This week, I hosted an event in the Scottish Parliament to highlight the work of Room 13. It’s one of Scotland’s greatest cultural exports and success stories, but very few people have heard of it.
It all began back in 1994, when pupils at Caol Primary School near Fort William established an own art studio in “Room 13” in their local school. Even more impressively, the pupils decided to run the whole enterprise themselves, organising everything from sink cleaning rotas, to fundraising, to the purchasing of materials and the employment of an adult artist in residence.
This empowering concept of creative spaces, facilitated by schools and community groups but ran, organised and looked after by the pupils, has caught the imagination of artists, creatives, and many more across the world. With the help of TBWA Worldwide, an advertising agency who were hooked on the idea after watching a film about the original Room 13, here are now 21 “Room 13” studios worldwide, with studios in South Africa, Turkey, France and Canada to name but a few countries.
The organic, bottom-up approach taking by Room 13 to encouraging and facilitating creativity among our young people is absolutely to be commended. At the event in Parliament, current pupils running Room 13s in Caol and Lochyside Primary Schools spoke passionately and confidently about how much their studios meant to them.
Some of the work on show was simply mind-boggling, as was the creativity displayed by the students in linking other areas of learning, such as maths, geography and science, to their work in the studio. The interdisciplinary thinking displayed by the pupils was the Curriculum for Excellence in action and was incredibly heartening to see.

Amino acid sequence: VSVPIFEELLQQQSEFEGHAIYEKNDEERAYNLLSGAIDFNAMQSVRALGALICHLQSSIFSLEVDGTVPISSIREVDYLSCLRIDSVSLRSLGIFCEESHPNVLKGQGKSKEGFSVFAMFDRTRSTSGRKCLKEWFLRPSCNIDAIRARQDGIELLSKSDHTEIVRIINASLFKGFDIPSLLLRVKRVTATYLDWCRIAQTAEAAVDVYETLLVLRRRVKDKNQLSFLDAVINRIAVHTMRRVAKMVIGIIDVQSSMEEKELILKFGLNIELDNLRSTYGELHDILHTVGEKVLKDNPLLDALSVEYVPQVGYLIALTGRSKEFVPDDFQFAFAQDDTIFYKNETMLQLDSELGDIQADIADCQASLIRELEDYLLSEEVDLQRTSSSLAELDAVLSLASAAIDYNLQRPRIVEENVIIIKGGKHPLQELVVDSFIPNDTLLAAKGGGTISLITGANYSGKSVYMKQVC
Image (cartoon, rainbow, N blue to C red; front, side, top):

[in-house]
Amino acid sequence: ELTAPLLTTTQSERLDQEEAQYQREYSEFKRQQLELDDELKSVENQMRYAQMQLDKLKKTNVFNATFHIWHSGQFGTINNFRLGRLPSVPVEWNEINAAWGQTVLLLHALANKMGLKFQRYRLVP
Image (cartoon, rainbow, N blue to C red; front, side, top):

One of the guest speakers, Ruaridh, was a high school student and had actually decided to work with Room 13 as part of his Duke of Edinburgh Award. He was, in his own words, a “tearaway” who has found a home and a creative outlet in Room 13, and talked about how the project had brought out skills he never knew he had in poetry.
Of course, it’s not just artistic skills that are enhanced by Room 13. The confidence that pupils gain in their own abilities, and the opportunity afforded to interact with adults as equals, is absolutely invaluable. In a world where young people are often spoken at rather than spoken with, giving them the chance to innovatively engage with their own learning and to think outside the box has to be encouraged.
The audience were absolutely captivated by what they heard from both the pupils and others involved in Room 13. However, everybody was equally disappointed to hear that only three Room 13 studios exist in Scotland, and that such an innovative, fresh and revolutionary concept was not being more widely promoted and explored.
The potential for Scotland’s schools to act as creative petri dishes that connect our young people to the arts and culture and complement the rest of their education is staggering. There are many other benefits to the self-esteem of our young people and the cultural health of Scotland that cannot be quantified but would undoubtedly be boosted by more Room 13s.
This extraordinary organisation may not be right for every primary school, but is far from being just another art project. It should be known and considered by every educationalist. This is about showing Scotland as a worldwide leader in education, which in my experience is an accolade we can ignore or neglect.
There’s more information available at http://room13international.org , but there’s no substitution for a visit to one of the Room 13 Studios. Make an appointment and go and witness the quiet revolution for yourselves.
Independent MSP for the Highlands and Islands region